The Shoalhaven Coast is more than a wine region, it’s a destination. Located on New South Wales’ South Coast, you’ll find the world’s whitest beach, top restaurants, rolling meadows and more than a few big-hitting wineries. Here are four of the best cellar doors to visit.
Owners Raj and Sophie Ray uprooted their lives in Sydney’s corporate world 10 years ago to open a winery. They have been invested in Silos Estate since. “We wanted to wake up and smell the rosé,” says Raj, laughing. The winery has been carbon-neutral since 2010 and sustainability is a primary focus, after the wine.
The Silos label can be found at award-winning restaurants around the state, but there’s nothing like visiting the source. At this cellar door you’ll not only find the premium Silos Estate range (capturing the characteristics of the South Coast), but also the Wileys Creek range, which is made from grapes sourced from around the country. You’ll be in good hands next door at the Silos Restaurant, which is headed by Nick Gardner. Having worked at some of Sydney’s best restaurants Quay and Tetsuya’s, Gardner merges European technique with local and native Australian produce.
The Cole family established Cambewarra Estate in 1991 and it’s been a strong family affair ever since. Second-generation owners Amanda and her husband Brett took over this year and their fresh, opportunistic approach is already evident. Amanda decided to diversify and create something that would bring more than just wine drinkers to Cambewarra Estate: adding a restaurant and exclusive tea label.
Here, you’ll feel as though you’re lounging on the family’s back lawn, overlooking rows of chardonnay – the foundation of the drink in your hand. The winery is known for its verdelho, which has a bold, fruity sweetness and a clean, crisp finish. Try the region’s famed variety of chambourcin, which can be compared to a light shiraz; perfect to take home and enjoy with something spicy.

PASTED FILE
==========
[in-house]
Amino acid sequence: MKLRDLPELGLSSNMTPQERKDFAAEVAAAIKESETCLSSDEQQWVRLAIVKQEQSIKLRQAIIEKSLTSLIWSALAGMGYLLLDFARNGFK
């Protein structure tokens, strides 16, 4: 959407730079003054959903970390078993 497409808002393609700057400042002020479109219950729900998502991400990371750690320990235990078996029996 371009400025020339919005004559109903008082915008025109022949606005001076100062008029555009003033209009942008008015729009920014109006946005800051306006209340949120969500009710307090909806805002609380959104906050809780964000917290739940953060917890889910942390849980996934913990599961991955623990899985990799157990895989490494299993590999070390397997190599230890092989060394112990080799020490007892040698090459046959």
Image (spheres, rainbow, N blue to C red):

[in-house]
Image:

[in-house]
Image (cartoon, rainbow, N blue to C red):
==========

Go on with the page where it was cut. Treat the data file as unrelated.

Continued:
Two Figs Winery
With a view rivaling its neighbours, Two Figs Winery is mandatory. Similar to the stories of many of the local winemakers, Shayne and Alison Bricker threw in the towel of corporate life and started planting vines. A few years later, Two Figs was born. It has now been operating for 10 years and is one of the best cellar doors in the area.
Its flagship wine is Sunday Afternoon, a verdelho/chardonnay blend that is so popular you won’t find it outside the local area. Tasting the Dallas shiraz, it becomes obvious that Shayne is a red drinker – it is complex and full-bodied, with flavours of berry, plum and a hint of vanilla on the finish.
Cupitt's Winery Perhaps aA little far for a day trip, so you should consider staying the night. Once an abandoned creamery dating back to 1851, it has been transformed into a cellar door.
The Cupitts sure know how to embrace country living, producing not only wine, but also cheese, cattle and beer on their pristine Ulladulla property. Second-generation winemakers Tom and Wally are now in charge of all things fermented, leaving mum and dad to tend to the cows and make cheese. The family team takes a different approach on to winemaking, utilising using old-world techniques discovered whilst while working in European wineries. The resulting wines are complex, yet balanced and stay true to their regional and varietal characteristics.
A once abandoned creamery dating back to 1851 has been transformed into the estates cellar door, it provides a fitting old world feel to match the wine. Perched on a subtle rise above the surrounding property, you can start by sampling the range here, slowly making your way over to the adjacent bar to try the brothers’ craft brews. The winery’s award-winning restaurant that offers revolves around seasonal food produce with traditional french French and english British influences. After all, this is wine that was made to be enjoyed with food.